This article by Ray Spitzenberger first appeared in IMAGES for December 10, 2020, East Bernard Express, East Bernard, Texas.
Many years ago, I read an article suggesting that people, especially men, and their automobiles are like turtles and their shells. Turtles cannot live without their shells, because the shells are fused to their bones. Each turtle shell is different in shape and even color, mainly because of the environment the turtle lives in and what it eats, too much protein, for example causing lumps on the shell. Contrary to what I used to think, a turtle can feel it when you touch his shell and feels pain if the shell is hit. The turtle and his shell are inseparable, and the shell is part of his identity.
Although I am not able to pull up the article out of the archives, I do remember that the writer was convinced men especially identified with their car or pickup so much they spent much of their time in it and felt incomplete without the vehicle. Like turtles, most men don’t want to leave their shell. Men will sit in their car or pickup and just listen to music, even in front of their house, and especially if they are waiting for their wife at the grocery store. Usually women do not do this, and will for example, get out of the car and wait in the barber shop as the husband gets his hair cut, much to the annoyance of the male customers telling off-color jokes. I have observed that phenomenon, even though I do not allow my wife to go to the barber shop with me.
Isn’t it true that we recognize people, especially men, by the car or pickup they drive? No doubt the choice of vehicle is very important to most persons and reflects a great deal about them. My father, for example could always be seen in his 1957 Ford pickup, still driving it in the 1970’s, and still owning it when he died. If folks saw that pickup coming down the street, they would never think it was my mother, they would say, “There’s Max”; they wouldn’t say, “There’s Max’s truck,” or “There’s Max driving his truck.” My mother, on the other hand, drove a small, “one-legged” Ford Pinto (she called it “one-legged” because it had no clutch). While Daddy’s truck looked like him, Mama’s car was rather nondescript, and she spent as little time in it as possible.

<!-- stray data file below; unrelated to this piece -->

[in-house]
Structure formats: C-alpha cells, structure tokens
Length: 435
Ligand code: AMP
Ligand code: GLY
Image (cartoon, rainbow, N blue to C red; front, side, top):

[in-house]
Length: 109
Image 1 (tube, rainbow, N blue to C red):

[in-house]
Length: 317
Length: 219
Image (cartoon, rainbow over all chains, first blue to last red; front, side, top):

When he was still single, my brother was very fond of his car; it seemed to have a personality that matched his. It was a Chevy Impala, very trendy in those days, and always washed and waxed. He drove it fast and hard, and he spent a great deal of time in it. When I see a car like that today, I fell nostalgic and think about my brother, who was so different from me.
For me, a car was a necessary evil, — I was not fond of driving and traveling, and mechanical devices, large or small, always baffled me. I drove my car because I needed it, so it never mattered to me what kind it was, just that it was cheap and got good gas mileage. When my youngest daughter got a job and an apartment in Manhattan, she learned that owning a car in Manhattan was actually a liability, so she sold her little 2005 Chevy Aveo to me, and we were both happy.
Never feeling much identity with any car, in the many years I drove the Aveo, I always thought of it as her car, not mine, and I loved the car because it reminded me of her. Even though I had to drive it to Wallis every day, it was not my “shell” that I lived in; it always looked like the sophisticated little girl my daughter was. Beautiful, sophisticated, and a little saucy. When I finally stopped driving this year, I sold the Aveo, and felt very sad, not because I was losing my identity shell, but because I would no longer have a reminder of my youngest daughter.
At the time I read the article comparing people and their cars to turtles and their shells, I disagreed with the author, because I myself had never felt any identity with or attachment to any of my “shells” (other than my daughter’s Aveo). However, since then, I’ve known many who are inseparable from their vehicles, as well as some who are not. It’s kind of ironic that earlier in this crazy year 2020, giant turtle fossils were found in South America, and those who found them said each was as “big as a car.”
Ray Spitzenberger is a retired WCJC teacher, a retired LCMS pastor, and author of two books, It Must Be the Noodles and Open Prairies.